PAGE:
Price discipline can offset some of the risks of investing in no-moat firms.
In a free-market economy, capital seeks the areas of highest return, and whenever a firm develops a profitable product or service, competitive forces are fast to drive down economic profits. Only firms with economic moats--a structural competitive advantage that allows firms to earn long-term above-average returns on capital--are able to fend off competition, the theory goes.
To help investors identify firms with moats, our equity analysts assign one of three Morningstar Economic Moat Ratings: none, narrow, or wide. Some attributes that drive economic moats include network effects, intangible assets, cost advantage, high switching costs, and efficient scale. Firms that do not receive a narrow or wide moat rating do not possess durable competitive advantages, in the view of Morningstar analysts, and hence they may not earn above-average returns over the long term.
While investing in no-moat companies brings risks, price discipline can offset them. Listed below are three value-oriented funds that invest heavily in no-moat companies: All but one have Morningstar Medalist ratings.
Artisan Value ARTLX had 35% of its assets in firms rated by Morningstar analysts and with no economic moat as of March 2017. The fund’s veteran managers sometimes lean toward more-cyclical firms when they deem valuations to be compelling. That’s been the case in recent years: The fund, which has a Morningstar Analyst Rating of Bronze, increased its exposure to economically sensitive fare--which tends to lack economic moats--and has bigger stakes in energy and basic materials.
As of June 2017, 30% of the fund’s assets were in energy and basic-materials stocks, and all but two of those 10 holdings had economic moat ratings of none. That bet on energy and basic materials was the main source of outperformance during a stellar showing in 2016 as commodity prices rebounded, but it has been the main drag on performance for the year to date.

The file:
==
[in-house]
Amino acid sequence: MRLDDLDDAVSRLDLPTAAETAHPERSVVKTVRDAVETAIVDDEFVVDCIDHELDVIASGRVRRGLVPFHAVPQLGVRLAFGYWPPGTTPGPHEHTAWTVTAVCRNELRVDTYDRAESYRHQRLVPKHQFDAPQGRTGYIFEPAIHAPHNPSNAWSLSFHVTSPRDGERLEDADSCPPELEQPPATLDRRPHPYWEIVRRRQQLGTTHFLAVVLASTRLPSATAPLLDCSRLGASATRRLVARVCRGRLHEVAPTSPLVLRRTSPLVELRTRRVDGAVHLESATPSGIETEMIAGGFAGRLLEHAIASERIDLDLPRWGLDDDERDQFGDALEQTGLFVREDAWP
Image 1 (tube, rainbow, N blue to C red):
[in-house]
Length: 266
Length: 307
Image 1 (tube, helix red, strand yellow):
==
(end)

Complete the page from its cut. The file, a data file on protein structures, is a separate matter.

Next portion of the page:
Silver-rated Invesco Comstock ACSTX had 29% of its assets in firms with economic moat ratings of none as of March 2017. Lead manager Kevin Holt and team look for firms that look cheap on a variety of valuation metrics and generally won’t pay up for higher-quality firms.
Oftentimes, this deep-value approach leads the team to bet on companies and/or sectors that have fallen out of favor. The team increased exposure to energy stocks such as Devon Energy DVN, Hess HES, and Suncor Energy SU--all of which are no-moat stocks--as oil prices plummeted in late 2014 and throughout 2015. That energy overweighting dragged on results in 2014 and 2015 but was the top contributor to performance in 2016 as oil prices rebounded.
More recently, the fund added no-moat KeyCorp KEY in late 2016, believing it was trading at attractive valuation despite investor concerns about its First Niagara acquisition. The fund also picked up generic drug manufacturer Mylan MYL in early 2017, believing that concerns over its EpiPen specialty drug were overblown.